Massachusetts school officials have reported dozens of families to state social workers for possible neglect charges because of issues related to their children’s participation in remote learning classes during the pandemic shutdown in the spring, according to interviews with parents, advocates, and reviews of documents. In most cases, lawyers and family advocates said, the referrals were made solely because students failed to log into class repeatedly. Most of the parents reported were mothers, and several did not have any previous involvement with social services.
Alex Padilla, Yubanet.com
Today, California Secretary of State Alex Padilla and California Lieutenant Governor Eleni Kounalakis re-launched the California Students Vote Project (CSVP) during a presentation to the University of California Student Association. CSVP is a first of its kind national campaign to increase civic engagement and voter participation among California University and college students. Every major institution of higher education in California—including the California Community College (CCC), California State University (CSU), University of California (UC), and the Association of Independent California Colleges and Universities (AICCU) systems —have partnered with the Secretary of State’s office, Lieutenant Governor Kounalakis and a coalition of nonprofit organizations on CSVP. “As a result of the challenging and chaotic times we are living in, the 2020 General Election will be a critical one,” Secretary of State Alex Padilla said. “Students will have a chance to make their voices heard on key issues, policies, and elected officials, including the presidential race.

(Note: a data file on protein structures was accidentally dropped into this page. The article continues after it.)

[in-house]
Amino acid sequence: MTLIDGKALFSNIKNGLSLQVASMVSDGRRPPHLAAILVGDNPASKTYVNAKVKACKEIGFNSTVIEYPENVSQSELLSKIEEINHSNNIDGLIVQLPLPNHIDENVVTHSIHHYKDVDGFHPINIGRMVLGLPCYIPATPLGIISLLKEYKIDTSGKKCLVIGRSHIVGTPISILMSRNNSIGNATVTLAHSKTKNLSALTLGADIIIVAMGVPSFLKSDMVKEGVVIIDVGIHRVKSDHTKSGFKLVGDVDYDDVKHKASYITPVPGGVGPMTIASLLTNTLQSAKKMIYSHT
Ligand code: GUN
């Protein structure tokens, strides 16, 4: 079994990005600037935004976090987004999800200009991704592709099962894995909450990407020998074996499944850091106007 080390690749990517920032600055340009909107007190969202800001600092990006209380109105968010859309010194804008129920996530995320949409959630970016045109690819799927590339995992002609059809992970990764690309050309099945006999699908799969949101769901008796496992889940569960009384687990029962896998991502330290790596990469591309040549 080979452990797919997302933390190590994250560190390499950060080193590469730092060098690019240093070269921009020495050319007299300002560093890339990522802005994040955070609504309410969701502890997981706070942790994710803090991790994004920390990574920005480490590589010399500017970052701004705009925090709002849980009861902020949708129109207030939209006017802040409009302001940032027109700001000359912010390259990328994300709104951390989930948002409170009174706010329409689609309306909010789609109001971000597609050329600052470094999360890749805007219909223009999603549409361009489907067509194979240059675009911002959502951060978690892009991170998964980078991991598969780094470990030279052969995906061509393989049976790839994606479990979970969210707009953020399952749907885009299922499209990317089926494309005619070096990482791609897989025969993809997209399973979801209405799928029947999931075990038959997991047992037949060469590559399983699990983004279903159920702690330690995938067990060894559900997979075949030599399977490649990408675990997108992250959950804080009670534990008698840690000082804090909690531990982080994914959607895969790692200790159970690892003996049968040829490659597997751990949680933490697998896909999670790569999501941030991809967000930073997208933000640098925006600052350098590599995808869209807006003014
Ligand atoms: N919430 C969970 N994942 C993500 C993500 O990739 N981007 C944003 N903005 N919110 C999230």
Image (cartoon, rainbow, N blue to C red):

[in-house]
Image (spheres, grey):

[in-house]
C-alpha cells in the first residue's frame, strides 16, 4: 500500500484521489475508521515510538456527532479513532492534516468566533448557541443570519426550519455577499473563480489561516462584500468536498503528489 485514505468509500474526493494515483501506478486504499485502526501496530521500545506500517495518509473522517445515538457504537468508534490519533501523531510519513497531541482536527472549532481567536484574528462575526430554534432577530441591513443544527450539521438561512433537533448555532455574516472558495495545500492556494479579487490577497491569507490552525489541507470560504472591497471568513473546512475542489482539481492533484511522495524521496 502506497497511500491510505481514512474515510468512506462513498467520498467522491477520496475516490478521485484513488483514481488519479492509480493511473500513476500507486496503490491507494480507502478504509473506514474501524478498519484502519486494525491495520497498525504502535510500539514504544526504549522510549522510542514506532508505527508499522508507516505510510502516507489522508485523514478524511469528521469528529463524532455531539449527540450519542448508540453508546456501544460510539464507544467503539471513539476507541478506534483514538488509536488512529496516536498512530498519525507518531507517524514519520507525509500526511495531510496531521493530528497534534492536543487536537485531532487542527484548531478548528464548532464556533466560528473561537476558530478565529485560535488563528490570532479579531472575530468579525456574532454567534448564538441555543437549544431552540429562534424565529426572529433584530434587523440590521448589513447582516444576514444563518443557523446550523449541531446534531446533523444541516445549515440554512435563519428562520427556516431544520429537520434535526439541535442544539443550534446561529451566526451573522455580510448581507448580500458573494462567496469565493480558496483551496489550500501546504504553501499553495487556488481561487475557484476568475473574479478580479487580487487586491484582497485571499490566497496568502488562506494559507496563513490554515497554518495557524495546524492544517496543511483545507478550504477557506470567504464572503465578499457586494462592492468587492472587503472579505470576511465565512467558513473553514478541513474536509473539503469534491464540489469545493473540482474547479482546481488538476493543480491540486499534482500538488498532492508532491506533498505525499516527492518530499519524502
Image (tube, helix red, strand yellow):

Valerie Strauss, Washington Post
With the November elections just a few months away and some states allowing voters to cast ballots as early as September, there are growing concerns about shortages of poll workers during the coronavirus pandemic. Many poll workers are over 60 years old; in the 2018 general election, 58 percent of them were, according to a report by the U.S. Election Assistance Commission. And, according to the Centers for Disease Control and Prevention, “people in their 60s or 70s are, in general, at higher risk for severe illness than people in their 50s.” As a result, younger people who are less likely to have severe complications than older people are being sought out as poll workers, as this NPR story reports.
Access, Assessment, Advancement
John Fensterwald, EdSource